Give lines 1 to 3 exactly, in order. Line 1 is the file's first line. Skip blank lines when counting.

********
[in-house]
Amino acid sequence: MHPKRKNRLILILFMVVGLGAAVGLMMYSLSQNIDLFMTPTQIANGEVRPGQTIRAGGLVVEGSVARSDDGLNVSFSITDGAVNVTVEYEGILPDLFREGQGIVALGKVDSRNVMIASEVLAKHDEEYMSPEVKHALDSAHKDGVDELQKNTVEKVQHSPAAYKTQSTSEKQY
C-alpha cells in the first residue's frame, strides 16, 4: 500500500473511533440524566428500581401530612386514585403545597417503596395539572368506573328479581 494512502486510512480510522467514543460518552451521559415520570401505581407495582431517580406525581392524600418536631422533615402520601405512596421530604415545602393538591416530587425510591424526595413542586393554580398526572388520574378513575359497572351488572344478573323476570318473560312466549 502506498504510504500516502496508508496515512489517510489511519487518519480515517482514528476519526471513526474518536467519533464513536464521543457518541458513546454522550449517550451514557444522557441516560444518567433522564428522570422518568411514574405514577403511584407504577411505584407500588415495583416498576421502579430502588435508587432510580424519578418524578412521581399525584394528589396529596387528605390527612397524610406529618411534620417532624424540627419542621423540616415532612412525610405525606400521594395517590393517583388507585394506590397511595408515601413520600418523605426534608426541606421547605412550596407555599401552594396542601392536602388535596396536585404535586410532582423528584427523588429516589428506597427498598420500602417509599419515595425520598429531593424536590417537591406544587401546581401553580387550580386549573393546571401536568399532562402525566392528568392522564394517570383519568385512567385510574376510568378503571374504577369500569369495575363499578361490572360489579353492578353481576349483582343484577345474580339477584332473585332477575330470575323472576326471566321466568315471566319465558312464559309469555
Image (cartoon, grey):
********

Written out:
[in-house]
Amino acid sequence: MHPKRKNRLILILFMVVGLGAAVGLMMYSLSQNIDLFMTPTQIANGEVRPGQTIRAGGLVVEGSVARSDDGLNVSFSITDGAVNVTVEYEGILPDLFREGQGIVALGKVDSRNVMIASEVLAKHDEEYMSPEVKHALDSAHKDGVDELQKNTVEKVQHSPAAYKTQSTSEKQY
C-alpha cells in the first residue's frame, strides 16, 4: 500500500473511533440524566428500581401530612386514585403545597417503596395539572368506573328479581 494512502486510512480510522467514543460518552451521559415520570401505581407495582431517580406525581392524600418536631422533615402520601405512596421530604415545602393538591416530587425510591424526595413542586393554580398526572388520574378513575359497572351488572344478573323476570318473560312466549 502506498504510504500516502496508508496515512489517510489511519487518519480515517482514528476519526471513526474518536467519533464513536464521543457518541458513546454522550449517550451514557444522557441516560444518567433522564428522570422518568411514574405514577403511584407504577411505584407500588415495583416498576421502579430502588435508587432510580424519578418524578412521581399525584394528589396529596387528605390527612397524610406529618411534620417532624424540627419542621423540616415532612412525610405525606400521594395517590393517583388507585394506590397511595408515601413520600418523605426534608426541606421547605412550596407555599401552594396542601392536602388535596396536585404535586410532582423528584427523588429516589428506597427498598420500602417509599419515595425520598429531593424536590417537591406544587401546581401553580387550580386549573393546571401536568399532562402525566392528568392522564394517570383519568385512567385510574376510568378503571374504577369500569369495575363499578361490572360489579353492578353481576349483582343484577345474580339477584332473585332477575330470575323472576326471566321466568315471566319465558312464559309469555